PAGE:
I also love seed catalogs!
I also love seed catalogs. They’re coming in now and probably will continue until Memorial Day; Hope springs eternal!
I used to get lots more. That was before somebody apparently tipped off Burpee’s Seeds and Plants, Stark Bros, Gurney’s, Johnny’s Selected Seeds, Park Seeds, et al. that I had a particularly virulent “black thumb”. Yes, sadly, for green things large and small, I am a chlorophylliate “kiss-of-death”. Once-upon-a-time, single-handed, I caused the demise of an air fern. Jungle Girl, I am not.
Seed catalogs are so hopeful. One gets the feeling–planted by those wily horticulturists–that if the sun will just come up on a regular basis, fruits and vegetables will overflow all of the containers available for them and the neighbors can rely on your largesse for regular infusions of Vitamins A, B–all of them–C, D and probably E and K.
It’s all reminiscent of the early days of settlement in Freedom Township: The proprietors of large tracts of land wished to sell much of it at a profit, so they put it about that this acreage out in the wilds of the Western Reserve was a veritable Eden of the West, where crops would grow with amazing abundance and rapidity. When planting, the sower would have to be nimble about dropping seeds in the ground, lest they spring up and deliver a sharp rap on the chin to anyone lingering to observe them in the ground. These early real estate entrepreneurs neglected to mention the “Great Swamp” in the middle of Portage County (Not connected, but not unlike the Great Black Swamp over in western Ohio which slowed “Mad” Anthony Wayne on his way to the Battle of Fallen Timbers but encouraged the growing of just about every kind of agriculture once the place had been mostly drained.). One lady who had trekked all the way out from Massachusetts expecting to find Paradise; when she got here and saw what she saw, she wrote back to her sister, “If this be the Land of Freedom, I would like to know what the Land of Bondage will be.”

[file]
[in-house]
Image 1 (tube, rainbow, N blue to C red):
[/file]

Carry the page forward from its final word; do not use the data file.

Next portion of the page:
Anyway, the same people who come up with the titles for the little sample cards in the paint selection department work on the side coming up with names for new varieties of plants. “Snow Sweet”, “Dwarf Wonderblue”, “Pinky Winky” (It’s a hydrangea),”Serendipity”, “Sugar Daddy”, “Buttercrunch”. Do they sound luscious or what? Then there’s “Green Arrow”(green peas), “Mucho Nacho Hybrid”(jalapeno), “Mammoth Sandwich Island” (Salsify…whatever that is), “Kong(as in ‘King’) Hybrid Sunflower”(12 feet). One of my favorites is the “Firewitch Dianthus”, another is “Incrediball Hydrangea”. Where do they get these things? Great stuff!
Somehow, I got on a mailing list for Growers Supply–a division of FarmTek. These folks obviously don’t know who they’re dealing with. They’re peddling complete hydroponic systems, Solar Star Greenhouses, E-Z Haul wagons and carts, seedling heat mats and Tex-R Geodiscs for weed control. Whoops! They’re touting all of this wonderful stuff to someone who’s got beavers chewing down the last, remaining semi-dwarf-gone-berserk apple tree in the backyard. Tough sell.
Still, I usually fall for at least one of their blandishments and attempt to make some new green thing grow someplace. Bob the Landscaper Dude will tell you that I will give it the old school try, but our nemesis is shade. I have lots. All of the bright, colorful plants–perennials, I have no truck with namby-pamby vegetation that can’t survive on its own–come with directions to plant them in “full sun”. Not much of that around here.
The other siren song that I often fall for is the “heritage” label. Makes me think of our orchard at home. Lots of old, old varieties of fruit–Yellow Transparent I remember. Maybe Baldwins? A little yellow plum, about the size of a Bing cherry– sweet, sweet, sweet–grafted onto a larger plum tree. Birds always got the cherries before any of us could. Calves and chickens and pigs and sheep scarfed up anything that hit the ground.
I do hope that somewhere in a seed bank( Like the one up in Norway on the island of Spitzbergen, the Svalbard Global Seed Vault) or world-wide gene bank all of these “old timers” are just waiting to be rediscovered, re-used, re-purposed and appear again to be enjoyed. Plants need a “Noah’s Ark” too, to protect against a loss of diversity, whether by accident or natural disaster or disease. When we get down to just a few varieties–all of our eggs in one basket, if you will–we’re just tempting Fate, setting ourselves up for some really hungry times. Funny, isn’t it, that perhaps the survival of the vast majority of our food crops may depend on a storage vault 810 mi. from the North Pole, chosen for its lack of tectonic/seismic activity and its permafrost–the place is kept at 0 degrees.
Clarence Birdseye would be proud.